|Ph.D Student||Moisesco-Yiflach Tsuf|
|Subject||Auditory Evoked Potentials among Dyslexics Students|
|Department||Department of Medicine||Supervisor||Professor Emeritus Hillel Pratt|
Objectives: To determine the generality of auditory processing impairment in phonologic dyslexics by studying their auditory Event-Related Potentials (ERPs) and the spatio-temporal distribution of their brain activity to auditory linguistic and non-linguistic stimuli with temporal and spectral discriminating cues.
Methods: Fourteen adult phonologic dyslexics and 14 normal reading students, all with high academic achievements, were compared. ERP waveform analysis and current density source estimation (Low resolution Electromagnetic Tomographic Analysis - LORETA) were conducted on 21-channel records from subjects who passively listened or actively discriminated four types of auditory stimuli: linguistic and non-linguistic stimuli that differed in spectral or temporal characteristics.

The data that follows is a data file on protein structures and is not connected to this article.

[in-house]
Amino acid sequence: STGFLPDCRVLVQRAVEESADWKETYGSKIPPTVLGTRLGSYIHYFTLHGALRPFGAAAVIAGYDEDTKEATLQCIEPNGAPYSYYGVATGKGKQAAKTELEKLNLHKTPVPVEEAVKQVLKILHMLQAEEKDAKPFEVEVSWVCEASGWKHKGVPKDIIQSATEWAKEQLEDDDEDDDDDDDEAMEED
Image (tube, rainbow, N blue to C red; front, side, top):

Results: Significant differences were found for all ERP latencies (N1, P2, N2, P3) in response to all stimuli, with dyslexics presenting longer latencies compared to normal readers. Current density distributions and their time courses also differed significantly, regardless of stimulus type or attention allocation. Among normal readers, early activity (around N1) was characterized by a rapid change of maximum activity from right to left temporal lobe. Later activity (around P3) was characterized by a stable temporal activity with bilaterally synchronous peak activity. Among the dyslexics the early N1 activity was stable with left hemisphere prominence, with no alternation between the hemispheres, while the later P3 activity peaked earlier in the right hemisphere than in the left.
Conclusions: Dyslexics were different from controls in processing all auditory stimuli: verbal and non verbal stimuli with temporal as well as with spectral discriminating cues. The differences mainly consisted of latency and time courses of current density distributions, beginning as early as N1 and extending to the late P3.